How 'House of Cards' Could Flourish Without Kevin Spacey

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Robin Wright and Kevin Spacey on “House of Cards.” Netflix

In a move that Netflix insists has nothing to do with the sexual assault allegations made by Anthony Rapp against Kevin Spacey, the network announced on Monday that House of Cards will end after Season 6. The political drama, which follows fictional president Frank Underwood (Spacey) and his wife, Claire (Robin Wright), reportedly may spawn spin-offs.

Critics have already begun speculating about which characters could sustain their own show. Variety mentions a series following Doug Stamper (Michael Kelly), and Twitter exploded with pleas for a show centered on Robin Wright's modern-day Lady MacBeth. Through its five seasons, House of Cards has satirized everything from the American South and Civil War re-enactments to BuzzFeed-style journalism. Here are a few directions a House of Cards spin-off series could go if Spacy's character were toast.

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The offices at Slugline, the fictional online media publication on “House of Cards.” Netflix

A Less Optimistic 'Bold Type'

When the late Zoe Barnes (Kate Mara) visits the Buzzfeed-style Slugline offices in Season 1, looking for a job in journalism, the website's CEO Carly Heath (Tawny Cypress) and a head editor, Janine (Constance Zimmer), deliver a pitch-perfect description of viral online journalism. The Bold Type on The CW, a show following three young journalists working in online media, is beloved by millennial women. A House of Cards spin-off centered on Slugline could stick a knife between the ribs of "churnalism," or the precarious position that many digital media platforms find themselves.

A satirical thriller about a small company with content designed to go viral amid D.C.'s veteran publication is loaded with potential, especially if the writers' room were filled with journalists who have worked for publications that live online, sites like Bustle Digital Group, BuzzFeed, Abrams Media, Vox Media and Gizmodo Media Group.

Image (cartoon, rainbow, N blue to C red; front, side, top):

Robin Wright as Claire Underwood in “House of Cards.” Netflix

All Claire, All the Time

The writing team behind House of Cards clearly realized the power of Robin Wright after Season 1. With every subsequent season, Claire's role increased. We bet it all started with that time she told a colleague at her non-profit that she was comfortable with letting a woman's child "wither and die" inside her?

In Season 5, Claire became president of the United States when Frank resigned, meaning she's in a position to lead a new season of the show with or without him. If she had him killed, who would be surprised?

Doug Stamper (Michael Kelly) on Netflix’s “House of Cards.” Netflix

Washington's Underlings

The appeal of House of Cards is similar to that of other hits based in Washington D.C., like The West Wing and Veep. People clearly love the machinations of the the Capitol's power players. But what about the people who aren't powerful, like the interns who partake in the infamous Running of the Interns every time there's a Supreme Court decision? Imagine the cut-throat jockeying, the sleeping around, the binge drinking in that crowd? We're already salivating.

House of Cards will return for Season 6, its final season, in 2018.